An Investigation into the Curricula (and Quality) Used by Early Childhood Educators




curriculum, early childhood, educators, preschool


Most preschool-aged children spend time in Head Start and other center-based care.  Thus, early educators’ use of a quality curriculum is essential to maximizing children’s learning; yet, little is known about the curricula used in these settings.  We examined the curricula utilized by educators working in diverse settings with children ages 3 to 5, focusing on key features of quality curriculum identified from the literature.  Most educators (75%) reported using formal curricula. Creative Curriculum and HighScope were the most common; 6% of educators reported no curriculum use.  There was a lack of consensus regarding what constitutes curriculum with 16% of participants reporting the use of materials generally not considered curriculum (e.g., learning standards).  Although most educators were using a curriculum that included some key features, less than 15% were using curricula with evidence of effectiveness for supporting children’s learning.  Findings have important implications for supporting practice and future research.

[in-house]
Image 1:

Author Biographies

Rachel E. Schachter, University of Nebraska-Lincoln

Assistant Professor

Child, Youth and Family Studies

Shayne Piasta, The Ohio State University

Associate Professor, Department of Teaching and Learning

Laura Justice, The Ohio State University

CCEC Executive Director, The Crane Center for Early Childhood Research and Policy
EHE Distinguished Professor, Department of Educational Studies





Research Articles